Camu Camu may increase metabolism through the Gut Microbiome

The researchers found that camu camu improved glucose tolerance and insulin sensitivity and reduced the concentration of blood endotoxins and metabolic inflammation. “All these changes were accompanied by a reshaping of the intestinal microbiota.

Fernando F Anhê, Renato T Nachbar, Thibault V Varin, Jocelyn Trottier, Stéphanie Dudonné, Mélanie Le Barz, Perrine Feutry, Geneviève Pilon, Olivier Barbier, Yves Desjardins, Denis Roy, André Marette. Treatment with camu camu (Myrciaria dubia) prevents obesity by altering the gut microbiota and increasing energy expenditure in diet-induced obese mice. Gut, 2018; gutjnl-2017-315565 DOI: 10.1136/gutjnl-2017-315565

Wine Polyphenols could fend off bacteria that cause cavities and gum disease

Wine Polyphenols could fend off bacteria that cause cavities and gum disease

Polyphenols could fend off bacteria that cause cavities and gum disease

The researchers checked out the effect of two red wine polyphenols, as well as commercially available grape seed and red wine extracts, on bacteria that stick to teeth and gums and cause dental plaque, cavities and periodontal disease.

Inhibition of Oral Pathogens Adhesion to Human Gingival Fibroblasts by Wine Polyphenols Alone and in Combination with an Oral Probiotic. Journal of Agricultural and Food Chemistry, 2018; DOI: 10.1021/acs.jafc.7b05466

*Grape Seed Extract may help repair Micro-cavities

http://www.youtube.com/watch?v=QRHOyntGLzg

The dark side of artificial sweeteners

Contact: Mary Beth O’Leary moleary@cell.com 617-397-2802 Cell Press

More and more Americans are consuming artificial sweeteners as an alternative to sugar, but whether this translates into better health has been heavily debated. An opinion article published by Cell Press on July 10th in the journal Trends in Endocrinology & Metabolism reviews surprising evidence on the negative impact of artificial sweeteners on health, raising red flags about all sweeteners—even those that don’t have any calories.

“It is not uncommon for people to be given messages that artificially-sweetened products are healthy, will help them lose weight or will help prevent weight gain,” says author Susan E. Swithers of Purdue University. “The data to support those claims are not very strong, and although it seems like common sense that diet sodas would not be as problematic as regular sodas, common sense is not always right.”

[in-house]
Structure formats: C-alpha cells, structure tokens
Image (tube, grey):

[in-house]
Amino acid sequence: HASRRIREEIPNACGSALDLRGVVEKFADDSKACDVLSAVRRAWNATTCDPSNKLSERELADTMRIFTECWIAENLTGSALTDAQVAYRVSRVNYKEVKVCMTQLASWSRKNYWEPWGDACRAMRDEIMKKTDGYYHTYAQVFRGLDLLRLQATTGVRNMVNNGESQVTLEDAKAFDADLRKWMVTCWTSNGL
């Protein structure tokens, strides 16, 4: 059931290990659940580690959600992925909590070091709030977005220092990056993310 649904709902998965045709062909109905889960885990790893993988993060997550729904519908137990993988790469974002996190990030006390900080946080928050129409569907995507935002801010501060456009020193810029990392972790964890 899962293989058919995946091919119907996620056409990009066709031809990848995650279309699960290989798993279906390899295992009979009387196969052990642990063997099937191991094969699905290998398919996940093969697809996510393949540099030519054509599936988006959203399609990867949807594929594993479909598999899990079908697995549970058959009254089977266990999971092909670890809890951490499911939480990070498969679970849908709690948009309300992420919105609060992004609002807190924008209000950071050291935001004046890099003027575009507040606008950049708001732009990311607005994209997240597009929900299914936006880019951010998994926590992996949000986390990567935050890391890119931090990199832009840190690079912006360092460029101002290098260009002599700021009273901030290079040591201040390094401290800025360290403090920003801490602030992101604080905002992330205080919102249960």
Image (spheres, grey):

Consumption of sugar-sweetened drinks has been linked to obesity, type 2 diabetes, and metabolic syndrome—a group of risk factors that raises the risk for heart disease and stroke. As a result, many Americans have turned to artificial sweeteners, which are hundreds of times sweeter than sugar but contain few, if any, calories. However, studies in humans have shown that consumption of artificially sweetened beverages is also associated with obesity, type 2 diabetes, and metabolic syndrome as well as cardiovascular disease. As few as one of these drinks per day is enough to significantly increase the risk for health problems.

Moreover, people who regularly consume artificial sweeteners show altered activation patterns in the brain’s pleasure centers in response to sweet taste, suggesting that these products may not satisfy the desire for sweets. Similarly, studies in mice and rats have shown that consumption of noncaloric sweeteners dampens physiological responses to sweet taste, causing the animals to overindulge in calorie-rich, sweet-tasting food and pack on extra pounds.

Taken together, the findings suggest that artificial sweeteners increase the risk for health problems to an extent similar to that of sugar and may also exacerbate the negative effects of sugar. “These studies suggest that telling people to drink diet sodas could backfire as a public health message,” Swithers says. “So the current public health message to limit the intake of sugars needs to be expanded to limit intake of all sweeteners, not just sugars.”

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Trends in Endocrinology & Metabolism, Swithers et al.: “Artificial sweeteners produce the counterintuitive effect of inducing metabolic derangements.”

Carnitine supplements reverse glucose intolerance in animals

2009 study posted for filing

Contact: Mary Jane Gore
mary.gore@duke.edu
919-660-1309
Duke University Medical Center

DURHAM, N.C. – Supplementing obese rats with the nutrient carnitine helps the animals to clear the extra sugar in their blood, something they had trouble doing on their own, researchers at Duke University Medical Center report.

A team led by Deborah Muoio (Moo-ee-oo), Ph.D., of the Duke Sarah W. Stedman Nutrition and Metabolism Center, also performed tests on human muscle cells that showed supplementing with carnitine might help older people with prediabetes, diabetes, and other disorders that make glucose (sugar) metabolism difficult.

Carnitine is made in the liver and recycled by the kidney, but in some cases when this is insufficient, dietary carnitine from red meat and other animal foods can compensate for the shortfall.

After just eight weeks of supplementation with carnitine, the obese rats restored their cells’ fuel- burning capacity (which was shut down by a lack of natural carnitine) and improved their glucose tolerance, a health outcome that indicates a lower risk of diabetes.

These results offer hope for a new therapeutic option for people with glucose intolerance, older people, people with kidney disease, and those with type 2 diabetes (what used to be called adult-onset diabetes).